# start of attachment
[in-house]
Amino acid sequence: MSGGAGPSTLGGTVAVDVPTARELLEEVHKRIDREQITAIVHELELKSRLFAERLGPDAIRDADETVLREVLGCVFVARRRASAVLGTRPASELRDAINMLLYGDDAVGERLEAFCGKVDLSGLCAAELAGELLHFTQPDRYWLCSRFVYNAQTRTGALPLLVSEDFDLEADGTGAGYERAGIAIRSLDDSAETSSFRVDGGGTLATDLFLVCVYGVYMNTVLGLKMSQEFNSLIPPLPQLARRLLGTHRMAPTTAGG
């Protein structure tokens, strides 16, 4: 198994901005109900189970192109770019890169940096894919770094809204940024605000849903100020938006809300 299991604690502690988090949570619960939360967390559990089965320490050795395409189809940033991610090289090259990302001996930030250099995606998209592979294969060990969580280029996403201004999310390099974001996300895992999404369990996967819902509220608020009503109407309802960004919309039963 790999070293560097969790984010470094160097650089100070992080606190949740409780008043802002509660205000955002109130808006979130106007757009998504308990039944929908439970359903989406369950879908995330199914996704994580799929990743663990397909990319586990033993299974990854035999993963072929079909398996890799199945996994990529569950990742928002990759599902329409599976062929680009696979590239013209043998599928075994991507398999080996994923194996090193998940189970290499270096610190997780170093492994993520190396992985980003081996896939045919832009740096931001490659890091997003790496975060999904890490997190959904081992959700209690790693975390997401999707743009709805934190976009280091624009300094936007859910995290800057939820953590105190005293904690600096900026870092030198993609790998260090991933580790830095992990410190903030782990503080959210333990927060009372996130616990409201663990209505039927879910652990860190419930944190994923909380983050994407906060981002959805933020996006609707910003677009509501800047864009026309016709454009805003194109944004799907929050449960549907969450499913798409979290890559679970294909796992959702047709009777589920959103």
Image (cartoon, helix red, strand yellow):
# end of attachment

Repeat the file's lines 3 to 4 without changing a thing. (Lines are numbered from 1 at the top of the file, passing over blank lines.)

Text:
């Protein structure tokens, strides 16, 4: 198994901005109900189970192109770019890169940096894919770094809204940024605000849903100020938006809300 299991604690502690988090949570619960939360967390559990089965320490050795395409189809940033991610090289090259990302001996930030250099995606998209592979294969060990969580280029996403201004999310390099974001996300895992999404369990996967819902509220608020009503109407309802960004919309039963 790999070293560097969790984010470094160097650089100070992080606190949740409780008043802002509660205000955002109130808006979130106007757009998504308990039944929908439970359903989406369950879908995330199914996704994580799929990743663990397909990319586990033993299974990854035999993963072929079909398996890799199945996994990529569950990742928002990759599902329409599976062929680009696979590239013209043998599928075994991507398999080996994923194996090193998940189970290499270096610190997780170093492994993520190396992985980003081996896939045919832009740096931001490659890091997003790496975060999904890490997190959904081992959700209690790693975390997401999707743009709805934190976009280091624009300094936007859910995290800057939820953590105190005293904690600096900026870092030198993609790998260090991933580790830095992990410190903030782990503080959210333990927060009372996130616990409201663990209505039927879910652990860190419930944190994923909380983050994407906060981002959805933020996006609707910003677009509501800047864009026309016709454009805003194109944004799907929050449960549907969450499913798409979290890559679970294909796992959702047709009777589920959103």
Image (cartoon, helix red, strand yellow):